Not my beautiful house

24 Oct

I am not a patient person. While I don’t consider this my fatal flaw (that would be a toss up between slovenly tendencies and my desire to live as a hermit), it is one that I am constantly wrestling with. The repercussions are easy enough to handle when they are a result of my own actions: I didn’t feel like waiting for leftovers to heat all the way through, and now they kind of taste like crap. But it is a familiar crap, one that I’ve created. One that I control.

My lack of patience becomes somewhat more lethal during external situations, like waiting for a late bus (aka, any bus in the St. Louis metro area), or waiting on results from a particularly old, particular slow piece of analytical equipment, or being on hold. My reaction is hardly an angry tirade, except occasionally at said piece of lab equipment. It’s more of a slow-building anxiety: I suppose I am just wired to fear the improbable, rather than dream the impossible.

I wish I could get more excited when a life-altering decision is in the works, but as soon as I let my guard down the doubt sneaks in, and before I can stop myself I’m living out the worst case scenario in my mind, making comprehensive plans to salvage the wreckage of whatever situation has collapsed so monumentally. I experienced this during the months before moving to St. Louis. All I could picture was showing up at school and finding out that there was some clerical error and I’d never actually been accepted.

And I am experiencing this now, with the potential purchase of a house looming on the horizon. We have a bid now on a house that is basically perfect, and while I haven’t really allowed myself to hope that we have the highest bid, waiting for the phone call from our realtor has been torturous. And I just know that lurking behind that euphoric news would be a whole new set of doubts: What if something happens to my funding? What if the inspector discovers a giant, mutant, brown recluse spider infestation?

Still, my excitement at owning a house vastly outweighs the doubts and the fears, as well as simply the annoyance of having to wait for that phone call. I love the idea of living in a home. I think this domestic impulse is what fuels my love of cooking, and somewhat freakish obsession with holidays. Even if this house doesn’t end up being “the one”, the ball is in motion, and there is a real, finite probability that I will be moving into a house by the end of this year.

Of course, I will allow the doubts to remain in the back of my mind, meticulously planning an escape route. They’ve had too many years of practice to be defeated by me now. However, in the front of my mind, I may be thinking a little about stained glass and sunrooms. And I may be hoping a little that I get good news tomorrow, but either way, at least the waiting will be over.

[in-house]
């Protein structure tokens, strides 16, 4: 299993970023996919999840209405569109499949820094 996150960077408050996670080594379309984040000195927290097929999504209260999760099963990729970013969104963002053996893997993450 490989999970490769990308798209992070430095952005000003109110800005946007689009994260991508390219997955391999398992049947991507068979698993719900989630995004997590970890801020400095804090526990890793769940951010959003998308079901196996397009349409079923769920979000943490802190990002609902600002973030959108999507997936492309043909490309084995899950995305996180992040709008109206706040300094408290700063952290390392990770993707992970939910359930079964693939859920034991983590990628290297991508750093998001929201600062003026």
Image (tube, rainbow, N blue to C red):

In the meantime, I’ve been doing some serious distraction-cooking. Here is a recipe for primal pizza! I also made a batch of jalapeno cheddar biscuits this week, which I have discovered are delicious sliced up and mixed with eggs, then scrambled migas-style.

Primal Pizza

DSCF4009

Crust
From this recipe, which I cut it in half. It made enough for two, or one VERY hungry person.

Quick Tomato Sauce
Olive oil
1 large clove garlic, diced
1/4 onion, diced
2 Tbsp tomato paste
1-15oz. Can of tomatoes (I used fire-roasted with garlic)
Spices (paprika, oregano, basil, garlic powder, salt, pepper)
Ketchup or sugar
Balsamic vinegar

Toppings
Baby portabellas, sliced and sweated
Mixed sliced peppers (I cheated and bought a huge bag of frozen peppers from Trader Joe’s)
Turkey sausage, sliced and browned (I used pre-cooked smoked apple sausage, also from Trader Joe’s. Looooove that store.)
Mozzarella

Prepare the crust as instructed in the nifty video found at the above link. The crust does thicken a little as it cooks, so spread it out on the parchment paper to desired thickness (I will be making mine a little thinner next time).

While the crust is cooking for its twenty minutes (flip it at ten!), pour about a tablespoon of olive oil into a small pot. Once it sizzles on contact, add in the onion and garlic and cook until onion is just translucent. Then add tomato paste and 1/4 cup water and mix thoroughly. Then add the can of tomatoes and bring to a boil. Add copious amounts of all the spices; the only one to be really careful with is salt. Now taste the sauce. If it seems too acidic, add a little squirt of ketchup or some sugar. Keep tasting/adding until it is delicious. Take it off heat and stir in a dash of balsamic vinegar.

Okay, now I guess the twenty minutes would be up, so hopefully all the toppings are prepped! Put a thin layer of sauce down first. Make sure to use mostly tomato chunks and thicker portions of sauce, otherwise the crust may get mushy. Then add assorted veggies and meats, top with cheese, and place under the broiler until cheese is melty. Next, devour.

The crust stood up quite nicely. I was able to cut the pizza into quarters and hold the slices in my hand. The taste isn’t anything special though. I think my crust was a little too thick, because the texture reminded me of a soft cookie. It worked as a vehicle for delicious toppings though, and definitely satisfied my pizza cravings. Also on the side, I had some of these, which were AMAZING.

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